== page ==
Monday, 23 February 2015

Review of Me and Mr J by Rachel McIntyre

The bit on the back…

Fifteen-year-old Lara finds her soulmate. There’s just one problem – he’s her teacher.

Lara's life has changed radically since her father lost his job. As the eldest, Lara tries to keep upbeat, and the one outlet for all her problems is her diary where she can be open about how dire everything is at home, and worse, the fact that she’s being horrifically bullied at school.

And then a shining light comes out of the darkness – the new young and MALE teacher, Mr Jagger. The one person who takes Lara seriously and notices her potential. The one person who is kind to her. The one person who she falls madly and hopelessly in love with. The one person who cannot reciprocate her feelings … can he?

Firstly, thank you to Electric Monkey for approving me for a copy of this title via NetGalley. I read a book with a similar storyline years ago, and then re-read it recently, and that is the main reason I requested a copy of this.

The story is all about high school student Lara and her crush on her teacher Mr Jagger.
Before I begin my review it is obvious that the subject of the story is controversial and realistic so you should know from reading the blurb whether this is something you would like to read, or indeed whether or not this is something you would be likely to buy for a teenage relation.

The story is written in a diary format from Lara Tittless’s POV. Lara is a 15 year old high school student who suffers at the hands of bullies alongside the usual trials and tribulations of growing up. 

The diarised format is very informal and felt quite easy to read. The story is very one sided because of this though and the only perspective that’s given is Lara’s. As there is very little dialogue and interaction recorded throughout it’s harder to read Ben’s thoughts and actions and translate them into something with a meaningful impact on the story. The story is very definitely aimed at the YA market however and I don’t know if I’m almost expecting too much from it. The actual progression of their relationship again seemed very one-sided and very much like it was merely the fantasy of a school girl where her feelings were not reciprocated.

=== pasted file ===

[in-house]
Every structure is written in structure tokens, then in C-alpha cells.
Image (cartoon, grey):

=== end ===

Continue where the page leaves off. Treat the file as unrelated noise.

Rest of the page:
There are three main themes throughout the story – family; bullying and the controversial student/teacher relationship. The bullying aspect of the story felt very realistic in parts and in others it seemed quite extreme. I’d like to imagine that in a perfect world no one found themselves in the situations that Lara did, however that would be blissful ignorance. The fact of the matter is that sometimes the language/scenario felt more mature than the rest of the story making it feel like there was a divide in the story. I think it could be quite relatable for other teens who suffer from bullies but I don’t know if it sets the right example, or what the right example would be.

I wasn’t sure what to expect, considering the nature of the storyline, however I did feel that the ending was rushed and didn’t feel as equally weighted as the rest of the story leading up to it, almost like a quick get out. I would recommend Love Lessons by David Belbin if you are looking for another story with a similar plotline. Read my review here.

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